The ELVECS project may have been the spark of inspiration that led to the first Toyota Prius 16 years later. John Corcoran, one of the engineers involved in the program, drives a Prius today. He says, “We shouldn’t overstate Exxon’s role in hybrid vehicles in the long term, but if we planted any seed at all with anyone, it was that the electric motor in a hybrid could be an AC motor.”

Elon Musk and his crew at Tesla Motors took the AC electric motor idea and ran with it. Could ExxonMobil have been the grandfather, or at least the great uncle, of the Model S? When the courts have had their say and the dust settles, we may know the answer to that question.

Source: Think Progress

By John Cushman, Inside Climate News, 25 July 2017 

Credit: Sean Gallup/Getty Images

The Electric Power Research Institute wrote publicly in 1988 about the growing consensus that the greenhouse effect is real. Credit: Sean Gallup/Getty Images

A study issued Tuesday by an energy watchdog group offers important new insights into the fossil fuel industry’s extensive early understanding of climate change and the risks it poses.

This time, it’s the electric utility sector that’s under the microscope.

The detailed study, backed up by reams of archival documents, was issued by the Energy and Policy Institute, an environmental advocacy and research group that favors the use of clean energy over fossil fuels.

Forty years ago, the documents show, industry officials told Congress that the looming problem of climate change might require the world to back away from coal-fired power—something that is only now beginning to happen.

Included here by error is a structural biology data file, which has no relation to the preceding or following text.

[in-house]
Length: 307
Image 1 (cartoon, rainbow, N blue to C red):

The research presents a distinct echo of an investigation of Exxon’s climate record published by InsideClimate News almost two years ago, and casts significant new light on the duration and depth of industry’s climate research—and how electric companies that use fossil fuels responded to the emerging science from the 1960’s onward.

The 66-page report unearths research documents and testimony published but then largely forgotten decades before the climate crisis emerged as a key public issue.

And in this episode of the nation’s climate history, once again, the same industry that foresaw the ultimate end of coal as a main fuel for power generation later supported actions to cast doubt on the science and to stave off policies to address the problem, funding groups that deny the scientific consensus and joining the main industry group that opposed participation in the first climate treaty. To this day, there are few federal limits on emissions of carbon dioxide by utilities, one of the biggest sources of greenhouse gases.